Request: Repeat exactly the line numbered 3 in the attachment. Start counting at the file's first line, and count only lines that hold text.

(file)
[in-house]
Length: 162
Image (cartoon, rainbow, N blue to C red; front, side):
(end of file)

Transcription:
Image (cartoon, rainbow, N blue to C red; front, side):